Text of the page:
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Life In a Middle Ages Castle Assembly or Class Play

Life In a Middle Ages Castle Assembly or Class Play

Life In a Middle Ages Castle Assembly - Banquet, Battle and Joust In this Key Stage II class play or assembly, our narrator and student become time travellers to the Middle Ages - in a brief but highly eventful visit to a medieval castle! Three scenes - Banquet, Joust and Battle - in which our time travellers find themselves participating in ways they could never have imagined! Cast of 30 - easily adaptable up or down; duration around 15 - 20 minutes. Sample Text: Squire: Here you are! (Looking at ‘crowd’) Best not keep this lot waiting! (Loud cheer from the crowd) Narrator: Waiting? What for? Squire: Why, you of course! You must know how much the crowd love jousts? Toby: Jousts? (Squire presents Narrator and Toby with a lance) Narrator: Oh no! No! You see, there’s been a mistake! Toby: (Holding up lance) Yes. I mean, we don’t know one end of this pole from the other! Squire: (Laughing) Oh you and your little jokes! Narrator: No, that was the last scene. Toby: There’s nothing funny about us two being brave knights! I mean, we’re not! Brave, that is! Squire: (Patting heads reassuringly) Oh, I see! It’s just a case of pre-jousting nerves. Now, take a deep breath Narrator: No, you don’t understand! We (Loud cheer goes up from waiting crowd) Squire: Now, come along! We can’t keep this lot waiting! We’ll have a riot on our hands if you don’t start soon! Toby: But we don’t know what to do! Squire: (Taking lance) Here! Hold it like this and just charge at each other on horseback! Nothing to it! Narrator & Toby: (Exclaiming together) What? Another script is available from TES and www.plays-r-ussell.com entitled Castles and Knights but this is more for Key Stage I – even though it is suggested it could be adapted to Key Stage II. There is also a script entitled St. George and the Dragon which is suitable for Key Stage I.
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Castles and Knights Assembly

Castles and Knights Assembly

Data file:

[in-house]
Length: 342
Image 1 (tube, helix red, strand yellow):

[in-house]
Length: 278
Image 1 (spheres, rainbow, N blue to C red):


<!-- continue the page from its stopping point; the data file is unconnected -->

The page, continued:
Castles and Knights Assembly Key Stage I and/or II - Simple language but broad scope of information - script easily adapted to any age group. Although written for Key Stage I children (language kept very simple) this class play or assembly could be used at Key Stage II due to the broad scope of information. Cast of 30 - easily adjustable up or down Duration - around 10 - 15 minutes Content · The first part of the assembly deals with division between nobility and servants – their different life styles and jobs they did. · The second part looks at castle features – how they were built and how they changed over time. · The third part looks at weapons of battle – how they were used to attack and defend a castle. As previously mentioned, this assembly could be used by either of the two key stages – either simplified for younger children or elaborated upon for the older students. It is, I hope, a fairly versatile script which can be adapted for any age group. Also available off www.plays-r-ussell.com is The Battle of Hastings 1066. This assembly is for Key Stage II and goes into a lot more historical background including the events depicted and characters displayed on the Bayeux Tapestry. Sample Text (Enter Minstrel, Jester and Juggler) Minstrel: Who do you think played music at those banquets? Jester: Who do you think kept them laughing? Juggler: And who do you think entertained them? (Enter Soldiers 1 & 2) Soldier 1: And most important of all, who do you think kept them safe? Us soldiers, of course! Soldier 2: Protecting everyone against the enemy! Gong Farmer: Well. Almost most important of all! Narrator: Oh really? You think you’re more important than them? (Gong Farmer nods) Soldier 1: How? Gong Farmer: You really want to know? Soldier 2: Indeed, we do! Gong Farmer: I had to get rid of … Soldier 1: (Holding nose) Oh, now I get it! Soldier 2: You got rid of what came out of the garderobes? Narrator: The what? Soldier 2: Garderobes! Soldier 1: That’s castle toilets to you! Narrator: Ugh! Poor man! What a job! Gong Farmer: Well, someone had to do it! Narrator: Oh dear! I can see life wasn’t quite so glamourous for you folk! (All shake their heads in agreement) (Exit Gong Farmer, Servant, Cook, Hunter, Cleaner, Builder, Carpenter, Blacksmith, Priest, Steward, Minstrel, Jester, Juggler and Soldiers 1 & 2)